Date: 1300-1400
Language: Old French
Origin: Latin effectus, past participle of efficere 'to cause to happen'


1 noun
ef‧fect1 S1 W1


[uncountable and countable] the way in which an event, action, or person changes someone or somethingCOLLOCATIONS COLLOCATIONS
have an effect (on somebody/something) big/major/profound/significant/dramatic effect bad/harmful/negative/damaging/detrimental/adverse effect beneficial/positive effect long-term effect feel the effect (of something) knock-on-effect British English (=an effect caused by the thing that happened before) cumulative effect (=the effect of many things happening one after another) the desired effect (=the effect you wanted) cause and effect (=one thing directly causing the other)
effect on
My parents' divorce had a big effect on me.
effect of
the harmful effects of modern farming practices
the long-term effects of the drug
I could feel the effects of the thin mountain air.
This ingredient also has the effect of making your skin look younger.
A system failure has a knock-on effect throughout the whole hotel.
the cumulative effect of human activities on the global environment
A much lower dose of the painkiller can still produce the desired effect.
In mental illness, there is a complex relationship between cause and effect.
greenhouse effect, side effect

put/bring something into effect

to make a plan or idea happen:
It won't be easy to put the changes into effect.

take effect

to start to produce results:
The morphine was starting to take effect and the pain eased.



take effect/come into effect

if a law, rule, or system takes effect or comes into effect, it officially starts

be in effect

if a law, rule, or system is in effect, it is being used now

with immediate effect/with effect from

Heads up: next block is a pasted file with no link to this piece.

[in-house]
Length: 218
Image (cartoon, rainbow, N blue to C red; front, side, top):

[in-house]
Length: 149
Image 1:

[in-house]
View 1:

formal starting to happen immediately, or from a particular date:
Hoskins is appointed manager, with immediate effect.

in effect

used when you are describing what you see as the real facts of a situation:
In effect, we'll be earning less than we were last year.

to good/great/no etc effect

used to show how successful an action is:
We tried to wake him, but to no effect.

to this/that/the effect

used when you are giving the general meaning of something, rather than the exact words:
Jim told me to go away, or words to that effect.
The letter said something to the effect that she was no longer needed.


[countable usually singular] an idea or feeling that an artist, speaker, book etc tries to make you think of or to feel
effect of
Turner's paintings give an effect of light.

for effect

if someone does something for effect, they do it in order to make people notice:
She paused for effect, then carried on speaking.

personal possessions


[plural] formal the things that someone owns [= belongings]:
Don's few personal effects were in a suitcase under the bed.


[countable usually plural]AMAPT an unusual or impressive sound or image that is artificially produced for a film, play, or radio programme

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